Child Marriage Amend Bill divides PTI lawmakers

The act of solemnising child marriage is not cognizable and police cannot take action against offenders. The amendment is intended to serve as deterrent,” says the legislation

ISLAMABAD - The National Assembly yesterday witnessed a clear division in the house over the bill related to ‘child marriage restraint’, not only between treasury and opposition but also in the members of ruling party (PTI).

The Child Marriage Restrain Amendment Bill (2019), passed from upper house of the parliament the other day (Monday), was referred to the standing committee concerned.

The difference of opinion in ranks of ruling party (PTI) ostensibly made the chair to conduct voting on the bill. Seventy-two lawmakers from different parties including PTI, PPP-P and PML-N supported the bill while 50 MNAs from PTI, religio-political parties (MMA) and others opposed it. The house echoed with the voice of ‘hurray’ when lawmakers in support of the bill managed to refer the bill to the parliamentary body concerned for discussion on it.

National Assembly sends bill to house standing committee after voting

The statement of objects and reasons of the bill says, “Unfortunately the practice of child marriage is common in all parts of Pakistan particularly in poor areas but the act of solemnising child marriage is not cognizable and police cannot take action against offenders. The amendment is intended to serve as deterrent and remove the existing gender disparity in age”.

It says, “In developing countries, leading cause of death for young girls between 15-18 years of age is early pregnancy. A child, as per the UN convention on right of the child, is any person under the age of 18”.

Poverty and illiteracy, according to the bill, are factors for prevalence of child marriage. Typically enormous pressure to bear children is put on child brides, it says.

The bill is prepared with the aims to curb the menace of child marriage prevalent in the country and save women from exploitation, underage marriage can lead to imprisonment of up to three years, a fine of at least Rs100,000 or both.

Minister of State for Parliamentary Affairs Ali Muhammad Khan with support of Minister for Religious Affairs and members of MMA opposed the bill. “There is need to get opinion of Ulema (Religious scholars)...This bill needs to be referred to Council of Islamic Ideology (CII),” said the minister, opposing her party members. Other members, opposing the bill, recommend to refer the bill in CII.

Whereas, Minister for Human Rights Shireen Mazari argued that same nature of bill had already been passed by the parliament of Egypt, Bangladesh and other countries. “One person can’t decide it, so it should be referred to standing committee concerned for debate,” said the minister. On private members day, ten bills were introduced in the house and two were rejected.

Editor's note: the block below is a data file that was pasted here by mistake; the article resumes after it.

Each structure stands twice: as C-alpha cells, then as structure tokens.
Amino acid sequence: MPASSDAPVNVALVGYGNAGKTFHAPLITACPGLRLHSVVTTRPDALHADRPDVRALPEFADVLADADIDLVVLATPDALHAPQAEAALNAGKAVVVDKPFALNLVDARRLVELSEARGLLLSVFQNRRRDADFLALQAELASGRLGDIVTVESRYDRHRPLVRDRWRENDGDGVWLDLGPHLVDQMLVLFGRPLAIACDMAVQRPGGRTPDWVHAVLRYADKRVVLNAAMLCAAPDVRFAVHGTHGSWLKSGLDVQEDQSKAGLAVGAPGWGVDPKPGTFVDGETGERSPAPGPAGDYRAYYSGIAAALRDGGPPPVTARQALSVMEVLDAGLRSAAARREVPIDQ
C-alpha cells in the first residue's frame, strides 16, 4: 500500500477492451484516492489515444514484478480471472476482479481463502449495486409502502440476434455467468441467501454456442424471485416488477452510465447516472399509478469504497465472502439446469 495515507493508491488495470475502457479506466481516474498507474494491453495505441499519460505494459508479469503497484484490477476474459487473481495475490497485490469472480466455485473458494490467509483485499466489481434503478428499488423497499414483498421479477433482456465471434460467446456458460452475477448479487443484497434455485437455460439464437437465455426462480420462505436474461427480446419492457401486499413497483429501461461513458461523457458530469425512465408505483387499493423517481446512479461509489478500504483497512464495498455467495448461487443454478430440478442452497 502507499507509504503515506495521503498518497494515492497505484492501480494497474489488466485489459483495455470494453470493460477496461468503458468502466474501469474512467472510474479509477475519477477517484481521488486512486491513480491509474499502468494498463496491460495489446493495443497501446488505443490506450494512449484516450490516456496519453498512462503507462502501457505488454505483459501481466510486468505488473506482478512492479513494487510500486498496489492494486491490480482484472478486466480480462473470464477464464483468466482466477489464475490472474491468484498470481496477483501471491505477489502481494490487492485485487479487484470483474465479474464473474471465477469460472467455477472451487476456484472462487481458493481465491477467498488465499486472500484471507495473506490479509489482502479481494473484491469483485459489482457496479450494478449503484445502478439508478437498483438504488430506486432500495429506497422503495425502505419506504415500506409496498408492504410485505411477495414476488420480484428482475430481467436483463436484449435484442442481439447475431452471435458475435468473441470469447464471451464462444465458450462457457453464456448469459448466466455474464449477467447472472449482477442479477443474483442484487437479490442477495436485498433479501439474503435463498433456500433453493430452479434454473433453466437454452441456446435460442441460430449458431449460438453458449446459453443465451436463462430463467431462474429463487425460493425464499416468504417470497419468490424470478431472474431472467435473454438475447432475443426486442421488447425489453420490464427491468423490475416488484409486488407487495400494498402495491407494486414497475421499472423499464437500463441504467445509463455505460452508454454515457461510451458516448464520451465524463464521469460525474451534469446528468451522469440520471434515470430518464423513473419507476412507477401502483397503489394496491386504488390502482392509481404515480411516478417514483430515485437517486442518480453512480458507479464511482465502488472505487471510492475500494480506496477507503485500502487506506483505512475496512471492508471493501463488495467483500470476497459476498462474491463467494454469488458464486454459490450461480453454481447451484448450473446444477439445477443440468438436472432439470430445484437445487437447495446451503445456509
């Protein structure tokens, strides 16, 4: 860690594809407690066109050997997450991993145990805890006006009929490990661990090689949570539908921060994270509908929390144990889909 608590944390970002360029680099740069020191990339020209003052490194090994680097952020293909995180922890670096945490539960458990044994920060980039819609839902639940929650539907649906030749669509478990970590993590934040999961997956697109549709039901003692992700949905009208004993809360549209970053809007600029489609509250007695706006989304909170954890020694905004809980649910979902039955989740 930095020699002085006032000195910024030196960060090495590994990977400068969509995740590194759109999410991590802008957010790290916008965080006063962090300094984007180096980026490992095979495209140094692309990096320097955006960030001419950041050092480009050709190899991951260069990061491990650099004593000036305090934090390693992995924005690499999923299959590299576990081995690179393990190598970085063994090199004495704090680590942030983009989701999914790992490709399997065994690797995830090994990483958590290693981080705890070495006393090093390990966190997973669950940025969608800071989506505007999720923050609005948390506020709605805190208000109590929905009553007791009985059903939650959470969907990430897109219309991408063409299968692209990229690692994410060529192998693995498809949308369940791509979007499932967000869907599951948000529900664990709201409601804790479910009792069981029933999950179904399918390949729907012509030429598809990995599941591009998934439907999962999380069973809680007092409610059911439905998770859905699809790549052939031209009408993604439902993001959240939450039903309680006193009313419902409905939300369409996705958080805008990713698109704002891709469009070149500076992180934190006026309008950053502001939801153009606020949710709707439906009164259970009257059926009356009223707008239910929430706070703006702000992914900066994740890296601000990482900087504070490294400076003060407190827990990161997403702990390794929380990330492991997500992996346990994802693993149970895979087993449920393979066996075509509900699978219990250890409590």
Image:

The voice to carve out new provinces was also raised mostly by the lawmakers from Hazra area. With lawmakers of the area PML-N’ Murtaza Javed Abbasi, mover of the bill, proposed to form separate province of Hazara on the requirement and wishes of the area.

Former deputy speaker Murtaza Javed Abbasi said there was a genuine need to create separate province in the area. The statement of object and reasons says, “The constitutional amendment bill seeks to meet their very genuine demands by restoring the provincial status of (Bahawalpur (comprising the existing administrative division of Bahawalpur) and creating the provinces of Hazara (comprising existing administrative division of Hazara) and Janubi Punjab (Comprising the existing administrative division of Dera Ghazi Khan).

MNA Mehnaz Akbar Aziz introduced ‘The Islamabad Capital Territory Prohibition of Corporal Punishment bill, 2019’ proposing to ban corporal punishment and declared it as offence.

MNA Kishwar Zehra with other MNAs introduced ‘the transplantation of human organs and tissues amendment bill (2019), proposing a provision to donate human organs in case of accidental death.

The statement of objects and reasons says, “most of human organs or tissues are still active even after clinical death and some of such human organs may be transplanted to persons in need,”.

Other bills including ‘the control of narcotic substances (amendment) 2019’, ‘The Provincial Motor Vehicles Bill, 2019’ and others were also introduced in the house.

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